Washington — The U.S. Supreme Court said Monday it will not review a June decision by a appeals court that upheld the Federal Highway Administration’s decision to select the Delray neighborhood of Detroit as the preferred location for a new international bridge crossing to Canada.

Without comment, the Supreme Court let stand the Sixth Circuit Court of Appeals’ affirmation of a 2012 ruling by U.S. District Judge Avern Cohn dismissing a lawsuit by the Latin Americans for Social and Economic Development, Citizens With Challenges, Detroit Association of Black Organizations and other community groups — along with the Detroit International Bridge Co., which owns the privately held Ambassador Bridge and wants to build one next to it.

The court’s decision comes five days after Canada and the United States reached a deal in which Canada will put up the hundreds of thousands of dollars to build a U.S. Customs plaza at the new Windsor-Detroit bridge and be repaid through tolls. The bridge could open as early as 2020.

Sara Wurfel, press secretary to Gov. Rick Snyder, praised the ruling last year: “The decision affirms the exhaustive work and public transparency that went into the siting decisions. This is the latest round of great news regarding the NITC.”

A panel of the appeals court wrote that the federal agency used a “a lengthy, reasoned process based on an objective analysis subject to public scrutiny throughout.” The panel also rejected the contention the United States yielded to Canada’s opposition to adding a second span to the Ambassador Bridge, writing the United States did not “rubber stamp” the decision.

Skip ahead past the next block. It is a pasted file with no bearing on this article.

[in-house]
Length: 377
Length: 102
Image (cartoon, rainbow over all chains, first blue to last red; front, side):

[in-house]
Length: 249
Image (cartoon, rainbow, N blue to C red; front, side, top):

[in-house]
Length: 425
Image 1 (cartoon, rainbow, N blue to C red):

Mickey Blashfield, director of governmental relations for the Ambassador Bridge, last year criticized the appeals court ruling. He did not have an immediate response to the U.S. Supreme Court’s decision.

The highway administration “refused to consider the Ambassador Bridge Twin Span even though it was the highest ranked alternative in most of the environmental tests the (agency) was required to apply. The (agency) supposedly based its decision on the unsupported claim that Canada objected to the environmental impacts the Twin Span would have in Canada, despite no evidence of any such impact,” Blashfield said.

Opponents argued the highway agency’s review and 2009 approval violated the National Environmental Protection Act, Administrative Procedures Act, principles of environmental justice and other federal laws.

The ruling is the latest setback to foes of a bridge crossing known as the New International Trade Crossing, which is to be two miles from the Ambassador Bridge.